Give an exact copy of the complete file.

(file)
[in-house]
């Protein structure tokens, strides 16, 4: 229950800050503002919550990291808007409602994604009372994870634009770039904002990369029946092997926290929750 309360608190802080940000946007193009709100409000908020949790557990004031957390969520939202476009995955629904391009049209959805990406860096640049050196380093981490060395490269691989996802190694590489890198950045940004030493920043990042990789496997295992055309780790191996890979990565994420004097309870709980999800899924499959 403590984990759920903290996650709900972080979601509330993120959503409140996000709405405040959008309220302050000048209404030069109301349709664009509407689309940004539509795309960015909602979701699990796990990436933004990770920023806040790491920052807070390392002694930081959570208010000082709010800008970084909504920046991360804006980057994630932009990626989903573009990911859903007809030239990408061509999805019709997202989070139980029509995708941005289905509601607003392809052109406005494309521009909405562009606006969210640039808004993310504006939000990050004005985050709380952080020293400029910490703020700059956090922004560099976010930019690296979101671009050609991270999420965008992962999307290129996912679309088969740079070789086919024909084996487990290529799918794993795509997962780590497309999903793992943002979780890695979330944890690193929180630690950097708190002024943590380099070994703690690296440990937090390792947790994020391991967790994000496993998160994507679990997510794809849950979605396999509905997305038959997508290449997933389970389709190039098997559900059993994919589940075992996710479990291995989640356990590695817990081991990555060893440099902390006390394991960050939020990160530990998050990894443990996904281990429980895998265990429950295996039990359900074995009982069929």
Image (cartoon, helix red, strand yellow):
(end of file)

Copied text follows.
[in-house]
């Protein structure tokens, strides 16, 4: 229950800050503002919550990291808007409602994604009372994870634009770039904002990369029946092997926290929750 309360608190802080940000946007193009709100409000908020949790557990004031957390969520939202476009995955629904391009049209959805990406860096640049050196380093981490060395490269691989996802190694590489890198950045940004030493920043990042990789496997295992055309780790191996890979990565994420004097309870709980999800899924499959 403590984990759920903290996650709900972080979601509330993120959503409140996000709405405040959008309220302050000048209404030069109301349709664009509407689309940004539509795309960015909602979701699990796990990436933004990770920023806040790491920052807070390392002694930081959570208010000082709010800008970084909504920046991360804006980057994630932009990626989903573009990911859903007809030239990408061509999805019709997202989070139980029509995708941005289905509601607003392809052109406005494309521009909405562009606006969210640039808004993310504006939000990050004005985050709380952080020293400029910490703020700059956090922004560099976010930019690296979101671009050609991270999420965008992962999307290129996912679309088969740079070789086919024909084996487990290529799918794993795509997962780590497309999903793992943002979780890695979330944890690193929180630690950097708190002024943590380099070994703690690296440990937090390792947790994020391991967790994000496993998160994507679990997510794809849950979605396999509905997305038959997508290449997933389970389709190039098997559900059993994919589940075992996710479990291995989640356990590695817990081991990555060893440099902390006390394991960050939020990160530990998050990894443990996904281990429980895998265990429950295996039990359900074995009982069929």
Image (cartoon, helix red, strand yellow):